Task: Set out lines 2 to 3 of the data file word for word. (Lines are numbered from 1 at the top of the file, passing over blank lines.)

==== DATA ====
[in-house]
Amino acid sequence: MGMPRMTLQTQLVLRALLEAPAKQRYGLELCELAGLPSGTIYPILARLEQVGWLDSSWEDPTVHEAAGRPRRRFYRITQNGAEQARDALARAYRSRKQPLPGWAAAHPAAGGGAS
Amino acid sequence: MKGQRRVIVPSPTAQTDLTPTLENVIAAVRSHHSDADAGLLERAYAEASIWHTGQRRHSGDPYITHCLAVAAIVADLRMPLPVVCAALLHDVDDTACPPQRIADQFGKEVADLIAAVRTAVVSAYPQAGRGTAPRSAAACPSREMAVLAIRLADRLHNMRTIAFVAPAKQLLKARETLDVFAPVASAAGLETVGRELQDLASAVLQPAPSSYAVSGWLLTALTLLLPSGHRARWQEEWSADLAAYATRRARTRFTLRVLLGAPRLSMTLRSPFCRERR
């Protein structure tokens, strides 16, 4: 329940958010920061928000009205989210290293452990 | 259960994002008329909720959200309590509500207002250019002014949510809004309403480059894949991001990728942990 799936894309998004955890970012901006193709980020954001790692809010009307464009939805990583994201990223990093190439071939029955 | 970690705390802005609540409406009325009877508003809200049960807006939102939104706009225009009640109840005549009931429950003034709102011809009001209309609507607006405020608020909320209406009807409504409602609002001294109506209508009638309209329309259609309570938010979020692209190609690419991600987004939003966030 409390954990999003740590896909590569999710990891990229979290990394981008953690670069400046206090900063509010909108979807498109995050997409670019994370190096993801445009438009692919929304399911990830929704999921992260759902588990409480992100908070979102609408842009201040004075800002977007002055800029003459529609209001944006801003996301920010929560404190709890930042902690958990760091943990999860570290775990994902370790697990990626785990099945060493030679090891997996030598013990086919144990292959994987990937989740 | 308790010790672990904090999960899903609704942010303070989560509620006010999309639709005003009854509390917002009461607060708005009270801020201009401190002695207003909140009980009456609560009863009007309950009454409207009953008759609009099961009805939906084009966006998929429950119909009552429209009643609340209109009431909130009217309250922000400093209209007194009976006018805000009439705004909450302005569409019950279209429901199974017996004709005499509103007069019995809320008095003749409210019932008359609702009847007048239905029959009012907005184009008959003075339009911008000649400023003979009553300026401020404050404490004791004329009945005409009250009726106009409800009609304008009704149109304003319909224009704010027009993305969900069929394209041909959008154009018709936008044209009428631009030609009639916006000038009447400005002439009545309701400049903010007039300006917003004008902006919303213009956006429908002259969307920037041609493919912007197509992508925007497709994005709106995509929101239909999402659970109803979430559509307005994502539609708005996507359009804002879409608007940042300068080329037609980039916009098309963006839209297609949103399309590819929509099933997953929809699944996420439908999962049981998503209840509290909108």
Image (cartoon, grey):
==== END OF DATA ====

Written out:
Amino acid sequence: MGMPRMTLQTQLVLRALLEAPAKQRYGLELCELAGLPSGTIYPILARLEQVGWLDSSWEDPTVHEAAGRPRRRFYRITQNGAEQARDALARAYRSRKQPLPGWAAAHPAAGGGAS
Amino acid sequence: MKGQRRVIVPSPTAQTDLTPTLENVIAAVRSHHSDADAGLLERAYAEASIWHTGQRRHSGDPYITHCLAVAAIVADLRMPLPVVCAALLHDVDDTACPPQRIADQFGKEVADLIAAVRTAVVSAYPQAGRGTAPRSAAACPSREMAVLAIRLADRLHNMRTIAFVAPAKQLLKARETLDVFAPVASAAGLETVGRELQDLASAVLQPAPSSYAVSGWLLTALTLLLPSGHRARWQEEWSADLAAYATRRARTRFTLRVLLGAPRLSMTLRSPFCRERR